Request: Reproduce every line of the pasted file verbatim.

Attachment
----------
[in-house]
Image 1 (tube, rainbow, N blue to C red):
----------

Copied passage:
[in-house]
Image 1 (tube, rainbow, N blue to C red):